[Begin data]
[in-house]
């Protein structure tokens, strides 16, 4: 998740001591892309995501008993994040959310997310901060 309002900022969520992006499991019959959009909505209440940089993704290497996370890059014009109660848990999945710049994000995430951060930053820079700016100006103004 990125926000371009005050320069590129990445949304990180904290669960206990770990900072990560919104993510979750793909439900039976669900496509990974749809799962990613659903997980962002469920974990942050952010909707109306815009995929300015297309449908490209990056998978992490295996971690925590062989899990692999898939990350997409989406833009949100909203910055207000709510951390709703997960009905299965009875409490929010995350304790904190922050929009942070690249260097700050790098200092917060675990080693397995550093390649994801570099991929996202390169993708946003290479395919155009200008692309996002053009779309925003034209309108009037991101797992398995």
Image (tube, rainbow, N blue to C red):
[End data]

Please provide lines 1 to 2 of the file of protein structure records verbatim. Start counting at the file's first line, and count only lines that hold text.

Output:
[in-house]
């Protein structure tokens, strides 16, 4: 998740001591892309995501008993994040959310997310901060 309002900022969520992006499991019959959009909505209440940089993704290497996370890059014009109660848990999945710049994000995430951060930053820079700016100006103004 990125926000371009005050320069590129990445949304990180904290669960206990770990900072990560919104993510979750793909439900039976669900496509990974749809799962990613659903997980962002469920974990942050952010909707109306815009995929300015297309449908490209990056998978992490295996971690925590062989899990692999898939990350997409989406833009949100909203910055207000709510951390709703997960009905299965009875409490929010995350304790904190922050929009942070690249260097700050790098200092917060675990080693397995550093390649994801570099991929996202390169993708946003290479395919155009200008692309996002053009779309925003034209309108009037991101797992398995």